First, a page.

Last year, Nelson Hospital’s Emergency Department saw a child turning up nearly every day with an illness that could’ve been prevented. With 27% of children in New Zealand living in low income households, there continues to be a risk that their health could fall through the gaps.
Children’s health is imperative as it can determine several aspects of their life once they reach adulthood. Risk factors for health conditions and diseases often present at a young age, which if not managed early on can lead to poor health later in life.
There are a number of government programmes currently available to ensure children receive the care that they need – the Well Child programme provides health assessments and activities for children and their families from birth to five years; B4 School Checks offer free health and development checks for 4-year-olds; and other free hearing, dental and vision checks are available.
One of the key health targets that DHBs are measured against is Raising Healthy Kids. With 34% of children aged 2-14 being overweight or obese, tackling obesity is a huge part of this target. The target aims to have 95% of obese children identified in the B4 School Check programme offered a referral to a health professional for clinical assessment and family-based nutrition, activity and lifestyle interventions.
But even with all of these programmes available, there is still a risk that some children are missed. How can we track those that are falling through the gaps? How do we know if children have received all the checks they need? And how can we ensure regular communication between healthcare providers and a child’s family?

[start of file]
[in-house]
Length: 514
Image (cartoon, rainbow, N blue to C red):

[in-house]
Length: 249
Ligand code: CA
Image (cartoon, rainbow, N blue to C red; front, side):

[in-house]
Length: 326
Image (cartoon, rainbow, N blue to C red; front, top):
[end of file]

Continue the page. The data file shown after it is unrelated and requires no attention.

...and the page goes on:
The National Child Health Information Platform (NCHIP) was developed as a collaborative effort between Pinnacle Midlands Health Network and Orion Health with support from the Ministry of Health, in the Midland region in New Zealand to enable all children to be registered at birth and monitored against important health milestones. The Child and Youth Health Co-ordination Service (CaY-C) monitors the system and works to ensure regular communication with healthcare providers and the child’s family. The programme allows healthcare providers to contact a child’s parents or caregivers to make sure appointments are made and attended.
The service also identifies a child who is not yet registered with a healthcare provider, so they can find them one, or if a child is overdue for a health check and can’t be contacted by their provider. The online system combines information from six providers, all of whom use different databases, resulting in a record of when, where and with whom children have accessed services. Milestones including immunisations, Well Child checks, hearing and vision checks, and B4 School checks are monitored and recorded.
NCHIP helps to identify children at risk of falling through the gaps, helping to ensure they are reaching important health milestones. The first 5 years of a child’s life are paramount in determining their health later in life, and programmes such as NCHIP are a key example of how technology can enable health improvements for a population.
Due to the success of NCHIP in the Midland region, the platform is being extended across the District Health Boards in the Northern region. Once this is complete, more than 50% of the children in New Zealand will be supported by NCHIP.
To learn more about the National Child Health Information Platform, download the case study below.